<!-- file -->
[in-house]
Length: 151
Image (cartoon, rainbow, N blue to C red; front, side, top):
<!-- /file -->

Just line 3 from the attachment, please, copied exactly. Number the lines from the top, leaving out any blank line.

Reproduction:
Image (cartoon, rainbow, N blue to C red; front, side, top):